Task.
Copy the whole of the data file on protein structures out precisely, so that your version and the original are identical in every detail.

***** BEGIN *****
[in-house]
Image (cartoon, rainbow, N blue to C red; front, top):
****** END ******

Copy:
[in-house]
Image (cartoon, rainbow, N blue to C red; front, top):